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How to stop the BP oil spill: What else can be tried now?

BP has failed to manually shut the blowout preventer, and it could take three months to drill a relief well. Before then, BP will try to put a giant hood over the leaking wellhead, or perhaps even install a second preventer. But no short-term options have a proven track record to stop an oil spill.

By Staff writer / May 3, 2010

Welders at work on the Pollution Control Dome being built in Port Fourchon Monday, as BP rushes to cap the source of the oil spill from the Deepwater Horizon platform disaster. BP might be ready to deploy the structure, which would funnel the oil into ships, by this weekend.

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As oil from an offshore drilling blowout spreads across the northern Gulf of Mexico, engineers are scrambling to staunch the flow of crude with everything from deep-sea submersibles to a little-tested approach for capturing the oil in a special structure hovering just above the well head, then pumping the crude into waiting ships or barges.

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The need for a menu of approaches illustrates the challenges to capping a blow out some 5,000 feet below the sea surface.

"There is a silver bullet; it's drilling relief wells," says Jerome Milgram, an ocean engineering professor at the Massachusetts Institute of Technology in Cambridge, Mass., who has extensively studied ocean-rig blowouts and their effects.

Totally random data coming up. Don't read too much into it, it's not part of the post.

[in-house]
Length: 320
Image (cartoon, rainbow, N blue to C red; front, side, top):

IN PICTURES: Louisiana oil spill

But, he adds, "that takes time" – and time is a commodity in short supply as engineers grapple with ways to corral the crude and remove as much as possible before it can join the quickly spreading slick at the surface.

The Deepwater Horizon oil rig, destroyed April 20 in an explosion and fire that killed 11 workers, is spewing some 200,000 gallons of oil a day on the sea floor.

Regardless of how well current efforts to stem the flow go, relief wells likely will be required, says Dr. Milgram.

Earlier today, the chief executive officer for British Petroleum, Anthony Hayward, noted in an interview with National Public Radio that work on relief wells began May 2. In the meantime, crews have deployed eight remotely piloted submersibles to try to use their claws to "manually" shut valves on a device at the wellhead, known as a blowout preventer. All the systems designed to automatically trigger the blowout preventer failed during the initial event.

Hope in a huge range hood

Beyond that, Mr. Hayward explained that, by the weekend, technicians should be ready to lower a containment structure over the well head designed to capture the oil and pump it to the surface.

That approach has been used once before – in 1979 during a blowout involving the Ixtoc exploration rig in the Bay of Campeche off Mexico. It was the first attempt at using the technique, and it didn't work, says Milgram, who was at the site conducting research on the operation at the time.

Many of the reasons stemmed from engineers attempting something that hadn't been done before – in that case, lowering what he calls a steel sombrero over the wellhead, which was spewing oil and natural gas.

A pipe running from the peak of the sombrero to the surface carried the mix of oil, gas, and sea water into a separation tank on a barge. The device needed no pumps; the gas did all of the pushing as it gathered under the peak, Milgram says.

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